For many, it is a truism that we learn from our mistakes. This leads to an approach to education which places pupils in unfamiliar territory which they have to explore for themselves. They may stumble; they may take wrong turnings, but that’s an accepted, in fact a welcomed, part of the learning process.

The intellectual territory which our pupils must explore is rugged. Many greater minds than theirs over the ages have ended up wandering down a narrow valley which turned out to be a dead end, and never getting out again. Many greater minds than theirs have fallen over cliffs as they stumbled across the terrain, without the lights to guide them, or the better paths, which later ages discovered.

It is our job as teachers to guide our pupils through this rugged terrain, as an expert guide takes uninitiated travellers over a mountain pass safely. He has the knowledge to make sure they reach the other side. He has the experience. He knows the pitfalls and the dangerous false paths that will lead to disaster.

Mistakes are not helpful for those at the beginning of the intellectual journey. Beginners need careful guidance, or they are likely to end up in all sorts of difficulties and picking up all sorts of misapprehensions. Of course, they will learn something, but it is just as likely to be the mistake as it is to be the right answer. Or maybe they will find their way over to the other side of the mountains by some miracle or slice of beginner’s luck, but they would have reached the goal more efficiently with careful guidance. And they might have done it once, but will they be able to do it again? A one-off lucky right answer is very far from secure mastery.

Direct instruction is based on this principle: the principle of getting it right. When following a direct instruction programme of study, the carefully guided, incremental path that pupils take will mean that they very rarely make mistakes, and when they do, those mistakes are quickly corrected so that they do not solidify into permanent misapprehensions.

It is also part of the principles of direct instruction that you do not begin by scaling Everest. You practice repeatedly in the foothills, then you travel to the first base camp over and over again until you know the route inside out. You need to know that route, the route which wiser and more experienced travellers mapped out, and many other similar routes to other mountain peaks before you can begin to think about planning your own mountain climbing expedition.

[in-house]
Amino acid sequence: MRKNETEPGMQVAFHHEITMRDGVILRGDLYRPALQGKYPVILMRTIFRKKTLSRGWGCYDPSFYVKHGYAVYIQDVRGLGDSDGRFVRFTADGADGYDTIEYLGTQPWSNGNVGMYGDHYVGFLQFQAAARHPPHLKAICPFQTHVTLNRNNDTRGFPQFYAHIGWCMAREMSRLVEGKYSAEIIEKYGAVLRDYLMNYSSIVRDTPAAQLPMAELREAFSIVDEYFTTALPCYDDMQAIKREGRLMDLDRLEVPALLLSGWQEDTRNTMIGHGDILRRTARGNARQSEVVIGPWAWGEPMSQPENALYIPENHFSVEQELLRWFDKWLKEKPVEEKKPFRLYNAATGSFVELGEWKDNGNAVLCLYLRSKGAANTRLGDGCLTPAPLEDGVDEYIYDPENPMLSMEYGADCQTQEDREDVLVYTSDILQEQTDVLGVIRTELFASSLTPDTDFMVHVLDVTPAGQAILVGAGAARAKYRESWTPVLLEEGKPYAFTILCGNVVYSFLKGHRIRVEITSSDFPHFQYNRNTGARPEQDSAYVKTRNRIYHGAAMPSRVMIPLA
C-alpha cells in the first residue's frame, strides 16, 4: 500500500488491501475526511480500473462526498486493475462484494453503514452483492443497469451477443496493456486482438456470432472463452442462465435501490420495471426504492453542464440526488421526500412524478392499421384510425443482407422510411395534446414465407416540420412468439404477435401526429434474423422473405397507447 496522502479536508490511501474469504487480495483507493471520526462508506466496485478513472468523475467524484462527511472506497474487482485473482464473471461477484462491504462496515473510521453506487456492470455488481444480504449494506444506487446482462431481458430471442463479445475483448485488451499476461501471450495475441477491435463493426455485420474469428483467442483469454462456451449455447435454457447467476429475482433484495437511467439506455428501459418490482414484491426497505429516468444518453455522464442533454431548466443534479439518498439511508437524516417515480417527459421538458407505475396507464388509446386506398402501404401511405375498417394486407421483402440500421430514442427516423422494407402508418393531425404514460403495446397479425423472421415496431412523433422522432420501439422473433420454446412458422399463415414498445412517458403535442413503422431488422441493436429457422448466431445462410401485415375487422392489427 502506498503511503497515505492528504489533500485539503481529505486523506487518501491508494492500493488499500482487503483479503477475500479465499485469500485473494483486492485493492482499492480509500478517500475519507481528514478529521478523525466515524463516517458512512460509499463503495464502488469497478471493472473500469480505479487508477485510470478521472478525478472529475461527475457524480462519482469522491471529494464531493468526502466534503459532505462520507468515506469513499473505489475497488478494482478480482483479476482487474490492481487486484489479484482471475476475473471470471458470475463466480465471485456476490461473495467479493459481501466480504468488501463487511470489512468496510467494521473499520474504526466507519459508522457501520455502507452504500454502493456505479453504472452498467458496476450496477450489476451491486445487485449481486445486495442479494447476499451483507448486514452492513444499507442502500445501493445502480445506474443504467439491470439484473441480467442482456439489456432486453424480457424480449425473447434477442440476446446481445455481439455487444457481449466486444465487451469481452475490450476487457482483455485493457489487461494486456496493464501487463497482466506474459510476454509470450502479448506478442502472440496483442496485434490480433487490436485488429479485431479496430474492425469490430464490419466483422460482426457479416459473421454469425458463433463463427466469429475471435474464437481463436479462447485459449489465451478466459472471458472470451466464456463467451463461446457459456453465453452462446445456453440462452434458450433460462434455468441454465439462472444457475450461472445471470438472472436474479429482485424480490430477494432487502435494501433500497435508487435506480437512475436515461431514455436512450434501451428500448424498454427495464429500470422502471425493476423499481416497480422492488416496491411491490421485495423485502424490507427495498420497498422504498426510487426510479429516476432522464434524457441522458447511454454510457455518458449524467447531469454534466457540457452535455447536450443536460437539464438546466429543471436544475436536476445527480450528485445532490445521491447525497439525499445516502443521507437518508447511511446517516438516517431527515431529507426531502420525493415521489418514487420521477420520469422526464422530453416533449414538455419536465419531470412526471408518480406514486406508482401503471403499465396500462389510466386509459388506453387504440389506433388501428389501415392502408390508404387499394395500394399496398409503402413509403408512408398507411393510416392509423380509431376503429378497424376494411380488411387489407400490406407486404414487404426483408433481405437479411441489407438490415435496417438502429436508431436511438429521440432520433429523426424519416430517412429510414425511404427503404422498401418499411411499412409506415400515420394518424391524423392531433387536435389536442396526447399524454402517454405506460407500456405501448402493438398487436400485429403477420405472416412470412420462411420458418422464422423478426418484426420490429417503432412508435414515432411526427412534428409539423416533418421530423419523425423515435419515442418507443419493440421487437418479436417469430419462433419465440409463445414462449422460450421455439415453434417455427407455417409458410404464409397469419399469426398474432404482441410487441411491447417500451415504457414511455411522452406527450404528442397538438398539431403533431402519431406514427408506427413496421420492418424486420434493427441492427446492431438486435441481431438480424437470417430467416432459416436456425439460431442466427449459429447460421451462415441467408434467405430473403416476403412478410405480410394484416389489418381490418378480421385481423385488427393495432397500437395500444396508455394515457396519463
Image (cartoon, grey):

It’s the age-old principle of apprenticeship. You learn first by imitating the masters that have gone before you, and you need to do that for years before you can begin to work independently. Once you do begin independent work, you will not be inventing it from nothing, like the mythical Romantic genius. Your work will be based on the solid principles that have been worked out through centuries of slow, painful human progress.

Reblogged this on The Echo Chamber.

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As a general principle, what you have written here is unquestionably true — at least as I see it.

However, the devil is in the details.

I teach mathematics. One of the things my students need to know, by heart, to be able to recall instantly, is the algebraic identity, X^2 – Y^2 = (X+Y)(X-Y). They need to be able to recognize it both ways ’round, they need to be able to recognize it when ‘X’ and ‘Y’ are some other variable names, or numbers, or even complex expressions, and even when the expressions are jumbled up.

All of these ways in which this identity, in one of its forms, can turn up, need to be practiced. And they need to be practiced not just for a few days, but repeatedly, over a period of months, or the knowledge will fade away.

But what’s the best way to initially introduce the students to this identity? Is there any value in letting them mess around a bit with, say, working out (X+Y) times (X+Y), and (X-Y) times (X-Y), and getting the usual binomial expansion … and then suggesting that they be a bit experimental … hoping that they try (X+Y) times (X-Y), and seeing that the middle term cancels out.

I think that if they do this, they have a much deeper grasp of this identity, than if I just tell it to them and get them to memorize it.

But of course I have to guide them through all this, setting the right kind of thing to ‘investigate’, cutting them gently off if they start wandering down unprofitable side-roads, even helping them with the algebra if they can’t perform the multiplication.

But is this just intelligent Direct Instruction, or is it intelligent Constructivism … or what?

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Thanks for your thoughtful comments. There’s no contradiction between exploring worked examples and direct instruction. In fact, worked examples are a big part of doing worthwhile practice.

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How is it that we got away from this (direct instruction) and into the system we have now? I work in an elementary school in the U.S. see the folly of our ways on a daily basis – students with such bad handwriting that they themselves, at times, can’t read it; students being asked to write and expound on a subject when they haven’t learned and spent enough time practicing the foundational skills in order to be prepared to do such a task; students being expected to “discover” math concepts with all manner of systems which are supposed to give them greater breadth of knowledge and understanding, but in reality prove to be confusing. Thank you for this post.

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